This is a beautiful and well proportioned toki make from kawakawa pounamu that has a striking patterning to it. I was very impressed when the final polish had been completed on this.
A friend commented that the patterning reminds her of water swirling around a coast line. Since then that is all I could see in this piece and I have come to think of it as Te Aakau – The Coast.
It is now with its new owner in Australia who is an old school friend of mine.
This is a great example of a ‘no hole’ toki lashing. I really like to maintain the integrity of a carving as much as possible. A hole to suspend a pendant from is far better if it is incorporated into the design and shape such as these fantail – piwakwaka pendants. The hole that can be used to suspend the necklace for a toki which is then covered over and hidden by the lashing is not an integral part of the shape. I try to avoid using it whenever possible. I find that smaller tokis need the hole as the entire lashing is smaller and less able to grip the pendant and stay secure which is the main job of a lashing – to secure the neck cord to the pendant.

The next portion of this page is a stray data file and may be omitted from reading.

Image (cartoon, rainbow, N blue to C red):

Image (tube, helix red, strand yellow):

I have always been interested in the different steps it takes to create pounamu pendants. Here is a few shots of the original raw piece of pounamu and what it looked like after I cut out the blank form for this toki.
You can see a video of me cutting this piece up from my youtube channel below.